Internship; The Employment Model that’s Transforming Africa’s Labour Force

Internship; The Employment Model that’s Transforming Africa’s Labour Force

There is an urgent need to address the issues with youth employment in Africa. With an uprising in internships, labor force’s recruitment and talent placement strategies are rising to global digital standards. The need to provide as many recent graduates with the opportunity to acquire digital skills has prompted organizations into offering internship employment on a rolling basis.

The future of Nigeria is hinged on the development and participation of young people. Hence, they must be equipped to become quality resources who will proffer viable and sustainable solutions to Africa’s developmental challenges. According to the World Bank, 2.4 billion added population by 2050 would join the working population and could potentially drive between 11% and 15% GDP growth on the continent.

The success of Industry 4.0 adoption at the micro- and macro-level will be greatly influenced by the workforce’s availability of the necessary skills and competencies. Additionally, the workforce’s credentials and skill level will significantly influence how innovative and competitive an organization is. In contrast, a lack of the necessary skill set will cause performance to suffer and organizations to become less competitive.

Unemployment is likely to be one of Africa’s major unresolved problems. This issue has been substantially exacerbated by elements including the skill gap between the workforce and industry standards, the prevalence of low-skilled labor, and insufficient educational attainment. A severe lack of professionals with the necessary Industry 4.0 skill set existed in Africa. This made it necessary to adopt internships in order to sooth the skills requirement of a digital economy.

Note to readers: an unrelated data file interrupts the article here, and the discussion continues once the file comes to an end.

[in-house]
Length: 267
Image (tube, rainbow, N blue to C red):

While Industry 4.0 has the potential to increase unemployment through the loss of manual and repetitive jobs that can easily be automated, internship offers the prospect of opportunities for quality and productive employment, by enhancing skills development among Africans.

The growth of Africa’s digital sector has pushed organizations into reconsidering the importance attached on internships. The process is fast becoming the mainstay of acquiring professional skills necessary to function in startups and traditional businesses in Africa.

The rapid growth of technology has led to new skill requirements, which has increased the need for a rapid reaction to provide the necessary skills. The internship approach has served as a tool for easing Africa’s skills shortages. This concept offers a workplace and values capacity building program, giving interns the tools they need to add value to their organizations.

While the business sector is contributing, African education ministries may need to reevaluate their internship policies because the current ones omit important professional perspectives. Making internships a requirement for graduation from postsecondary schools is a good place for ministries to start.

In order to promote equitable development and fight poverty, the South African National Development Plan, for instance, places a high priority on job creation, school quality improvement, and skill development. The President of South Africa had noted that one of the difficulties the country has is producing jobs in his 2019 State of the Nation address. He added that by improving training in the educational system, the government hopes to respond to the changing skills needs as well as the skills needs of the future.